Duminy's offspin has developed significantly. He has shown himself capable of holding up an end and he makes timely breakthroughs, but whether he is good enough to operate as the sole spinner is still a matter of debate. South Africa could try him out at home, where spin rarely plays a role, before deciding if he is a viable option for away Tests as well. In that case, Dean Elgar, who has been on the fringes and has played a handful of matches, would slot in as the additional batsmen. South Africa's XI would then look like this:
Smith, Petersen, Amla, du Plessis, de Villiers, Duminy, Elgar, Philander, Steyn, Morkel, extra seamer (Tsotsobe/Abbott/Kleinveldt).
Another, more likely, option for No. 7 is to slot in an allrounder. That person will be more of a bowling two-in-one, as opposed to Kallis, who was seen as a batting allrounder. Even though there appears to be a dearth of these rare cricketers around, South Africa have some options in that regard.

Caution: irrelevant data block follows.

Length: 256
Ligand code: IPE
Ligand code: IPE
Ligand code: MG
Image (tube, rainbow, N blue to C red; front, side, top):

Ryan McLaren is first name that pops up. He established himself as the first-choice allrounder in the ODI team when Kallis was unavailable for bilateral series, and blossomed once given a regular run. McLaren has only played one Test, against England in 2010, but more than 100 first-class matches. He has a batting average of over 30, with three centuries and 20 fifties, and has taken 329 wickets at 25.47.
Wayne Parnell is the other option. After falling by the wayside, following an impressive start that included three Tests, he has made a full recovery from a serious groin injury, plays regularly for his franchise, and is performing well. Parnell has racked up two List A hundreds, has even opened the batting for the Warriors, and is in good form with the ball. So far in the 2013-14 season he has eight wickets at 12.75 from one match.